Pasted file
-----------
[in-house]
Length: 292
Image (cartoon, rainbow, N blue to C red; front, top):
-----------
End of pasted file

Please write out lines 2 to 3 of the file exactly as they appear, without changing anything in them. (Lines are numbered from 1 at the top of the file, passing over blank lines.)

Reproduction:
Length: 292
Image (cartoon, rainbow, N blue to C red; front, top):